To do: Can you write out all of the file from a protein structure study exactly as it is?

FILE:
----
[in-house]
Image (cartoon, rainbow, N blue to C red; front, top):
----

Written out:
[in-house]
Image (cartoon, rainbow, N blue to C red; front, top):